In streaming mode, all the download and extract stuff in split_generators is done virtually, when the dataset script is loaded. This is only when you iterate on the loaded dataset that generate_examples is called. In generate_examples, it is when open is called that the file starts to be downloaded and extracted.

Feel free to ping me if you have questions or if I can help you with the script :slight_smile:

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All right I’m gonna have more time to look into it:

  • dataset
  • metadata.jsonl contains all the metadata line by line.
  • key represents the file path (ex: ‘601e28f77125baea9baa8591d1cbe48’)
    • the file will be in a zip file in f"data/{key[:3].zip"
    • within that zip file, the image path is f"data/images/{key[:3]}/{key[3:6]}/{key}.jpg"

The download and extract is a lot of data and takes a very long time locally!
Does it mean you keep the files permanently hosted?

Also it seems that I’m supposed to pass url’s. Is it the case even when the files are hosted on datasets, which means I would use urls such as…/ or are they considered local for being in the hub?

As for _split_generators, what if I don’t have multiple split and all my data is training data?
Should I return a list with only one split with name datasets.Split.TRAIN?
Is it recommended to define arbitrarily at least a validation split (and maybe a test split), knowing that I can always choose to use all splits later?

Finally when I have an image, is it recommended to just yield the file path, and let the image loading be performed in a later map function?

I created a loading script.

  • works locally returns metadata + path, such as '/home/boris/.cache/huggingface/datasets/downloads/extracted/e109da16b51111fe97c22ce8134c5d3beb024c4c7b4e7081337045446a5566c2/data/images/01c/d85/01cd8545592671568162de8758b76.jpg'
  • in streaming mode, returns the path as 'zip:/::https:/'

How can I access the file from this url?

Note: to test the file locally, I recommend to keep only first 10 _SHARDS. It takes about 3-5mn to load the data and you will only have the one present in the shards.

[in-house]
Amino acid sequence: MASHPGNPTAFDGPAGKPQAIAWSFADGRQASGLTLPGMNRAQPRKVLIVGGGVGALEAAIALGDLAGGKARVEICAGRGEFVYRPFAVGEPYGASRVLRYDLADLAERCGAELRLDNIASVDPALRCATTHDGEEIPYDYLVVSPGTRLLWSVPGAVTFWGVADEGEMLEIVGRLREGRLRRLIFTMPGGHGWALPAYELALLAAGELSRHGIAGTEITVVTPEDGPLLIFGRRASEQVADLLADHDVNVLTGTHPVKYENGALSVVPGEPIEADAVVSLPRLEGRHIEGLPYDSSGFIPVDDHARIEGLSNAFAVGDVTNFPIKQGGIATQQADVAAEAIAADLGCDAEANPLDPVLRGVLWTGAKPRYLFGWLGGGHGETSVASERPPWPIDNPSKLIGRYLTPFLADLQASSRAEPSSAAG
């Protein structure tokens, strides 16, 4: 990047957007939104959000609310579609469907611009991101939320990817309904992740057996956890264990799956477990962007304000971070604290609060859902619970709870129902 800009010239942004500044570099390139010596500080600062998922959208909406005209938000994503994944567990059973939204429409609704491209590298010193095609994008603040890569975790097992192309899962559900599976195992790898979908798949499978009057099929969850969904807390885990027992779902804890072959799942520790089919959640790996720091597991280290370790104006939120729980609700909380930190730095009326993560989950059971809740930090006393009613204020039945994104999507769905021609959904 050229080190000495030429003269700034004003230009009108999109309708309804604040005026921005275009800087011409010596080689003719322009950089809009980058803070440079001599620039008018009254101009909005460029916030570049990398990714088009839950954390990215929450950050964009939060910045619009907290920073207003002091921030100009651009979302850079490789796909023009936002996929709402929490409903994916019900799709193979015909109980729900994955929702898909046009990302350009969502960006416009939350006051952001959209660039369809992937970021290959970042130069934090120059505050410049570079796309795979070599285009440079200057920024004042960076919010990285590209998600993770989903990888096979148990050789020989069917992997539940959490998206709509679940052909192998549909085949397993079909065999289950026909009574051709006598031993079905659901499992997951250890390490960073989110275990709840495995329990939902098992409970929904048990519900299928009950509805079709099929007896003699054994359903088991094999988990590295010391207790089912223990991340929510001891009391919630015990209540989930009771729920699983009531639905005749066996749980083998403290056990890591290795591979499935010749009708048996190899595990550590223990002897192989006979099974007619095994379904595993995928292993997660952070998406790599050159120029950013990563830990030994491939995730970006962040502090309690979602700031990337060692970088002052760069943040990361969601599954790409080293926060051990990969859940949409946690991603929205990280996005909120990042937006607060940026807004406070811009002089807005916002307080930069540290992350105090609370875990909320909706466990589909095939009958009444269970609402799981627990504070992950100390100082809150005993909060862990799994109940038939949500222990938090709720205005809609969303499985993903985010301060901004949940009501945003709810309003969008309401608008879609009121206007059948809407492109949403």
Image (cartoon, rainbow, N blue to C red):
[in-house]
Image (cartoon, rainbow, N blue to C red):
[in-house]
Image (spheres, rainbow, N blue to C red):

Hi ! Currently the streaming mode doesn’t support the use of pathlib.Path, you have to use os.path.join instead.

You should end up with the url


which is a compound URL. It allows to read/stream only one single file from a remote zip file.

Feel free to open an issue on github on huggingface/datasets so that we can start working on the support for pathlib :wink:

I did a few tests on a TPU v3-8 and 8,320 images split over 50 shards (see my loading script).

Mode load data + map (extract img dimensions) Iterate through dataset
Local 24.2 s 1.62 s
Local (cached) 0.023 s same
Streaming 0.072 s 26m 47s

Obviously in streaming mode the task is performed only when iterating.

Then I checked the time in streaming if I didn’t open the file.

Mode open img (extract img dimensions) Time to iterate Iterations per second
Streaming No 27.4 s 303.6
Streaming Yes 26m 47s 5.2

In streaming mode, we don’t take advantage of multiprocessing during mapping. So then I tested the following:

  • local dataset where img is fsspec format pointing to url
  • map to stream files from multiple processes


  • it’s actually not faster, probably because it uses requests which reads only from one stream at a time
  • it sometimes results in errors (similar to when I use datasets-cli to download lots of large archives) due to streams having been closed. I think they are open concurrently but read only 1 at a time, resulting sometimes in timeout.


  • streaming data is currently a bottleneck for our application (we could only iterate through 0.5M images per day)
  • using local copies require very large disks. Also data is duplicated as we have archive + uncompressed data + arrow files. It could be improved a bit by removing compressed files (maybe after this line)
  • there’s also the webdataset that looks pretty cool (the videos are nice as well). Interestingly they use the tar format. I’m gonna test it out.

I’ve been doing some tests on the same dataset.